Hybrid Use Rights are also available for SQL Server, although the rules are slightly different. You can use them to reduce costs on SQL in Azure in both IaaS and PaaS scenarios, but there is no concept of simultaneous use between on-premises and Azure – save for the same 180 dual-use rights to allow migration to the cloud.


As already stated, if you’re looking at the Microsoft Extended Support Updates now, they’re probably your only real option – at least for the first year. That said, it can be a good opportunity to review your software refresh policies for the future as similar situations will come around before you know it; it’s only 2 years until Windows Server 2012 leaves extended support.

Get an overall picture of your server estate, match it against Microsoft’s support end dates, and then sit down with the relevant stakeholders to find out why the old versions are still in use and what can be done to make a change – hopefully upgrading the on-premises infrastructure more rapidly and/or creating a smooth, easily repeatable process for moving servers into the cloud.

What about ?

What’s the link between ESU questions and ? Well, as previously explained, licensing rules are complex with Microsoft, and it might be difficult to estimate the forecasted cost of a sub-perimeter we want to apply ESU on. That’s why our platform enables you to estimate that cost, make simulations, possibly draw infrastructure changes to get it at the most optimized cost. is a self-service platform, that meet customers’ self-reliant expectations.

Further Reading

Obtaining ESU updates –

This article was written by Rich Gibbons, ITAM Review, Mathieu Dufetelle,, and Damien It is also published on the ITAM Review website.

Please follow and like us:
Market news SAM Strategy Thoughts

Who is for ?

This is direct question for those who might want to know more about our positioning, and more globally to compare our tool to other tools in the market.

Let’s figure it out, positionning is close to strategy, and what we strongly believe on. So let me provide an answer in 3 sections.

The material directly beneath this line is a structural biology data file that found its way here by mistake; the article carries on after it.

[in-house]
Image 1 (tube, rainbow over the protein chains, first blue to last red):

Where do we stand today compared to our competitors & partners ?

The comparison matrix below shows where we stand compared to other SAM Tool providers across 10 key characteristics:

SamBox.ioSAM Tool providers like Snow, Flexera, Aspera, ServiceNow…
1) SW CoverageOnly
Windows Server/System Center,
or SQL Server,
or Oracle Database & Middleware
so far
Very Wide
(almost all SW Vendors)
2) Acquisition of SAM Tool100% Online
Public prices, online payment, immediate provisioning of service
Traditional approach
(meeting with sales, quotes, negotiation, deal, installation)
3) Technical Integration / InstallationNo need
100% SaaS, immediate use
Technical architecture depends on the number of devices to be inventoried, and scope of SW to be addressed
4) Ingestion of Acquisitions & EntitlementsFast
Only needed for the delineated SW scope being analyzed. To be filled in into Excel
Requires functional integration
(via consulting services, or training of users).
To be filled in into the SAM Tool
5) Ingestion and/or setting of licensing rulesNo need
Specific engine for each SW Product family, including all detailed licensing rules & specificities
Requires functional integration
(via consulting services, or training of users).
To be filled in into the SAM Tool
6) Discovery capabilitiesFocused on the SW Product family
Through connectors or dedicated scripts
Very Wide
(almost all SW Vendors)
7) Data QualityData quality directly driven on the delineated SW scope being analyzed
Quality can then easily be improved, directly in the Excel spreadsheet
Data quality indicators for the global SW Scope
Not necessarily easy to know what is wrong for one dedicated SW Compliance snapshot
8) Compliance calculationImmediate & fully automatedDepends on the SAM Tool
Calc can be quite long, and quite complicated to refresh if input data needs to be modified.
9) Optimized Compliance snapshot – best license allocation schemeImmediate & fully automatedDepends on the SAM Tool
Very limited capabilities; requires human being in-depth SAM knowledge to optimize
10) Support on licensing rulesIncluded
Immediate access to licensing expert
On top
via consulting services or profesionnal services

OK, and why such a positioning ? has been released late 2019 whereas SAM Tools like Snow Software, Flexera, Eracent, 1-E, Ivanti … were first introduced 5 to 10 years ago. But Elée, who is the publisher, is also a 9 year old SAM consulting company, pure player, with a very strong record of SAM projects in many customer environments, on many SW Vendors. That is the benefit of hindsight. For the past 5 years, we have worked on many SAM Tool integration projects, and we do have a good overview of key success factors for such projects, associated benefits, but also sometimes the hurdles and all the difficulties which can make such projects quite complex. That is why, before releasing, we have taken a step back and analyze the situation.

Traditional SAM Tools are very powerful because they usually embedd very extended discovery capabilities, they cover the widest scope of Softwares as possible, very large catalogs of SKU, of Software Signatures, and they are very adapted for global SAM steering within a large company (many vendors, many indicators to follow, overall performance of SAM).